Vitamin K, commonly known as the clotting vitamin, is an essential nutrient that the human body depends on. By producing essential proteins, vitamin K is responsible for the functioning of several proteins that encompass the regulation of coagulation (or blood clotting). There are several foods rich in vitamin K, rendering it relatively easy to consume and to avoid deficiency.
A report, which was published in 2012 in Food and Nutrition Research, outlines that vitamin K is formed in plants like green leafy vegetables. Located in the chloroplasts, vitamin K produced in these green vegetables account for a total of 90% of the vitamin K consumed in the western diet.
There is a wide range of foods that are sufficient natural sources of vitamin K. The United States Department of Agriculture Nutrient Database has classified the content of vitamin K in food sources. The foods highest in vitamin K include the following:
Green leafy vegetables:
- Cooked kale has the highest natural vitamin K content. It contains 1062 micrograms (mcg)/cup (chopped). Raw kale contains 112.8 mcg/ 1 cup
- Turnip greens have 138 mcg/cup raw
- Watercress contains 85 mcg/cup raw
- Green scallions contain 207 mcg/cup raw
- Spinach has 145 mcg/cup raw
- Swiss chard contains 299 mcg/cup raw
- Cole slaw contains 85 mcg/serving
- Collard greens have 157 mcg/cup raw
- Parsley has 62 mcg/tablespoon chopped
- Mustard greens have 144 mcg/cup raw
- Romaine has 48 mcg/cup chopped raw
- Green leaf lettuce contains 46 mcg/cup chopped raw
- Broccoli contains 92.5 mcg/cup raw
- Brussels sprouts have 34 mcg/sprout raw
- Cabbage has 67.6 mcg/cup raw
- Asparagus contains 56 mcg/cup raw
Apart from the above, other vitamin k foods include:
- Mayonnaise has 22.5 mcg/tablespoon
- Certain oils, such as canola, salad, and soybean, contain between 10-25 mcg/tablespoon
- Pine nuts dried contain 73 mcg/cup
- Cashew nuts have 47.5 mcg/cup
- Raw soybeans contain 87 mcg/cup
- Canned tuna fish drained contains 64 mcg/cup
- Cooked spinach and egg noodles have 162 mcg/cup
It is important to note that if you are trying to incorporate vitamin K into your diet, freezing these foods may destroy the vitamin K content, but usually heating has no effect on them.
The Food and Nutrition Board at the Institute of Medicine outlined the recommendations for vitamin K intake in 2001. The recommendations include:
- If you are an adult over age 19, you should be consuming about 90 mcg/day (micrograms/day)
- Males and females ages 14-18 should maintain 75 mcg/day
- Children ages 9 to 13 should aim for 60 mcg/day
- Young children ages 4-8 need about 55 mcg/day
- Small children ages 1-3 years need about 30 mcg/day
- Consult a physician about the necessary vitamin K intake for infants 1 year old and younger.
- Individuals taking prescription blood thinners, such as anticoagulants or anti-platelets, may need to limit foods containing vitamin K, as it may affect the efficacy of these drugs. Talk to your healthcare provider about the amount of vitamin K that is right for you.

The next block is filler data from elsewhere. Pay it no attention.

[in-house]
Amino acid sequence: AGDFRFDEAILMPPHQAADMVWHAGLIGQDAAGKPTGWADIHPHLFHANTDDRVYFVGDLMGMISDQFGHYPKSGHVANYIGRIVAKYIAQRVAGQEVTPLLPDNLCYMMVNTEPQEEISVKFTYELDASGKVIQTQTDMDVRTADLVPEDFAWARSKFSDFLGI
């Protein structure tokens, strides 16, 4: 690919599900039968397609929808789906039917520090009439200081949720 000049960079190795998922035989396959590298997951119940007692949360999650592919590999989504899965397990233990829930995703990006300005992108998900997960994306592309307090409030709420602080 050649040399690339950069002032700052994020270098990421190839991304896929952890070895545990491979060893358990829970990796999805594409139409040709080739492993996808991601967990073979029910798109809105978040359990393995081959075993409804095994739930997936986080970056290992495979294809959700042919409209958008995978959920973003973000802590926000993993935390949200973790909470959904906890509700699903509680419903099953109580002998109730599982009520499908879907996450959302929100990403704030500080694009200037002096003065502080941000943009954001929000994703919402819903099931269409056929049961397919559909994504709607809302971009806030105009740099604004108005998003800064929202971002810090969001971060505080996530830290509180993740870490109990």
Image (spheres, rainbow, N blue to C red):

As you can see, by incorporating a healthy salad with kale or spinach leaves into your diet, it is simple to maintain adequate levels of vitamin K that your body needs. Your ability to form blood clots is enabled through vitamin K, and in fact, your life may depend on it! It is important to talk to a health expert about your currents needs for vitamin K due to deficiencies, medications, and dietary restrictions (if any).
Vitamin K [Internet]. University of Maryland Medical Center [updated 2013 May 7; cited 2015 Jan 13]. Available from: http://umm.edu/health/medical/altmed/supplement/vitamin-k
Vitamin K Content of Common Foods [Internet]. University of North Carolina Medical School [cited 2015 Jan 13]. Available from: http://www.med.unc.edu/gi/im/staff/clinic/nutrition-files/vitamin-k-content-of-common-foods
Vitamin K [Internet]. National Institutes of Health [cited 2014 Jan 13]. Available from: http://www.nlm.nih.gov/medlineplus/ency/article/002407.htm
National Nutrient Database for Standard Reference Release 27 [Internet]. United States Department of Agriculture [cited 2015 Jan 13]. Available from: http://ndb.nal.usda.gov/ndb/nutrients/index
Institute of Medicine, Food and Nutrition Board. Dietary Reference Intakes for Vitamin A, Vitamin K, Arsenic, Boron, Chromium, Copper, Iodine, Iron, Manganese, Molybdenum, Nickel, Silicon, Vanadium, and Zinc. Washington, DC: National Academy Press; 2001.
Vermeer C. Vitamin K: the effect on health beyond coagulation- an overview. Food Nutr Res. 2012;56: 5329.
Helpful Peer-Reviewed Medical Articles:
Vermeer, C. (2012). Vitamin K: the effect on health beyond coagulation-an overview. Food & nutrition research, 56.
Fusaro, M., Crepaldi, G., Maggi, S., Galli, F., D’Angelo, A., Calò, L., ... & Gallieni, M. (2011). Vitamin K, bone fractures, and vascular calcifications in chronic kidney disease: an important but poorly studied relationship. Journal of endocrinological investigation, 34(4), 317-323.
Holmes, M. V., Hunt, B. J., & Shearer, M. J. (2012). The role of dietary vitamin K in the management of oral vitamin K antagonists. Blood reviews, 26(1), 1-14.
Juanola-Falgarona, M., Salas-Salvadó, J., Martínez-González, M. Á., Corella, D., Estruch, R., Ros, E., ... & Lapetra, J. (2014). Dietary intake of vitamin K is inversely associated with mortality risk. The Journal of nutrition, 144(5), 743-750.
Brandenburg, V. M., Schurgers, L. J., Kaesler, N., Püsche, K., van Gorp, R. H., Leftheriotis, G., ... & Krüger, T. (2015). Prevention of vasculopathy by vitamin K supplementation: can we turn fiction into fact?. Atherosclerosis, 240(1), 10-16.
Gallieni, M., & Fusaro, M. (2014). Vitamin K and cardiovascular calcification in CKD: is patient supplementation on the horizon&quest. Kidney international, 86(2), 232-234.